Yet other Republicans saw the situation differently: They might actually break the system and have power without democracy. The split between these two groups, the gamers and the breakers, became sharply visible on Dec. 30, when Senator Josh Hawley announced that he would support [the 45th president]’s challenge by questioning the validity of the electoral votes on Jan. 6. Ted Cruz then promised his own support, joined by about 10 other senators. More than a hundred Republican representatives took the same position. For many, this seemed like nothing more than a show: challenges to states’ electoral votes would force delays and floor votes but would not affect the outcome.
Yet for Congress to traduce its basic functions had a price. An elected institution that opposes elections is inviting its own overthrow. Members of Congress who sustained the president’s lie, despite the available and unambiguous evidence, betrayed their constitutional mission. Making his fictions the basis of congressional action gave them flesh. Now [he] could demand that senators and congressmen bow to his will. He could place personal responsibility upon Mike Pence, in charge of the formal proceedings, to pervert them. And on Jan. 6, he directed his followers to exert pressure on these elected representatives, which they proceeded to do: storming the Capitol building, searching for people to punish, ransacking the place.
Of course this did make a kind of sense: If the election really had been stolen, as senators and congressmen were themselves suggesting, then how could Congress be allowed to move forward? For some Republicans, the invasion of the Capitol must have been a shock, or even a lesson. For the breakers, however, it may have been a taste of the future. Afterward, eight senators and more than 100 representatives voted for the lie that had forced them to flee their chambers.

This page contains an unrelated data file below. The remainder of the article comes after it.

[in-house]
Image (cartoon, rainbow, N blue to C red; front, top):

Post-truth is pre-fascism, and [the 45th president] has been our post-truth president. When we give up on truth, we concede power to those with the wealth and charisma to create spectacle in its place. Without agreement about some basic facts, citizens cannot form the civil society that would allow them to defend themselves. If we lose the institutions that produce facts that are pertinent to us, then we tend to wallow in attractive abstractions and fictions. Truth defends itself particularly poorly when there is not very much of it around, and the era of [the 45th president] — like the era of Vladimir Putin in Russia — is one of the decline of local news. Social media is no substitute: It supercharges the mental habits by which we seek emotional stimulation and comfort, which means losing the distinction between what feels true and what actually is true.
In Other Words
To borrow an apocryphal phrase, America is a republic… if we can keep it.
The pressure now falls on the Biden administration to get us out of the abyss. That is an unenviable task that will be all that much harder if a big chunk of the Republican party is still harboring fascistic authoritarian fantasies. So the Biden administration will have to roll up their sleeves and get to work, and it seems they plan on starting with a bunch of immediate executive actions.
Biden readies shifts in policy for his first days in office to signal dramatic change
President-elect Biden has ordered up a shock-and-awe campaign for his first days in office to signal, as dramatically…
Anti-democratic forces will still try to play defense against the work of the federal government, but COVID-19 remains the common enemy that transcends political ideology. So many lives and livelihoods have been affected by this pandemic, and fortunately, serious help from D.C. is coming.
Biden's Covid-19 Plan Is Maddeningly Obvious
It is infuriating that the Trump administration left so many of these things undone. I wish I could tell you that the…
As NY Times columnist Ezra Klein writes, it is infuriating that the previous administration left so many of these things undone.
There’s another Big Bet that the Biden administration and Democratic party are making (beyond beating back the flames of fascism, which will always play dirty). The Democratic party’s Big Bet is that they can restore faith and trust in the government’s ability to make Americans’ lives better and that they can govern the country steadily and well enough to inspire voters to endorse their platform again when the 2022 midterm elections roll around.